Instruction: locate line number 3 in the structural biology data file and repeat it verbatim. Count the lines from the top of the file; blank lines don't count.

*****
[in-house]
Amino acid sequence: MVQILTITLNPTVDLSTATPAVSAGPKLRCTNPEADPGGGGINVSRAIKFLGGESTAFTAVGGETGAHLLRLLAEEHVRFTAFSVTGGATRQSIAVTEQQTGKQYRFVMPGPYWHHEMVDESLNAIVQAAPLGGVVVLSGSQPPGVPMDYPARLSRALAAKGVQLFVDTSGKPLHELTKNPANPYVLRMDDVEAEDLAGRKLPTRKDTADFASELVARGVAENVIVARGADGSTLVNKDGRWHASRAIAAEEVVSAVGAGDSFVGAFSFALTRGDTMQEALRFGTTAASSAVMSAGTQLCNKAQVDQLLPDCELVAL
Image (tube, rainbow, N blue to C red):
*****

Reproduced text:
Image (tube, rainbow, N blue to C red):